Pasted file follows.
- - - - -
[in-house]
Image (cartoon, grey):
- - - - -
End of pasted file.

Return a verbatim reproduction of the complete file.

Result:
[in-house]
Image (cartoon, grey):